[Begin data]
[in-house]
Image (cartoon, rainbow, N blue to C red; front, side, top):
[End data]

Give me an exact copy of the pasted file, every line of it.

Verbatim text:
[in-house]
Image (cartoon, rainbow, N blue to C red; front, side, top):